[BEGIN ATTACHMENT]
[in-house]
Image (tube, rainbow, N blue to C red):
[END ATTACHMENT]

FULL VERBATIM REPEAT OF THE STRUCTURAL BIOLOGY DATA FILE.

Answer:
[in-house]
Image (tube, rainbow, N blue to C red):